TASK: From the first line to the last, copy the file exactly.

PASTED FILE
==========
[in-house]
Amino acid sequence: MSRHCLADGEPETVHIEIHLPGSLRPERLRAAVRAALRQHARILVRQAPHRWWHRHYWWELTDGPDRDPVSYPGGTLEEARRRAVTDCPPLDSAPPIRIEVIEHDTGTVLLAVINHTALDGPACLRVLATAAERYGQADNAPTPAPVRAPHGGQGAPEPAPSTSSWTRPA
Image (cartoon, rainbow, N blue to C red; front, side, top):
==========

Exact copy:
[in-house]
Amino acid sequence: MSRHCLADGEPETVHIEIHLPGSLRPERLRAAVRAALRQHARILVRQAPHRWWHRHYWWELTDGPDRDPVSYPGGTLEEARRRAVTDCPPLDSAPPIRIEVIEHDTGTVLLAVINHTALDGPACLRVLATAAERYGQADNAPTPAPVRAPHGGQGAPEPAPSTSSWTRPA
Image (cartoon, rainbow, N blue to C red; front, side, top):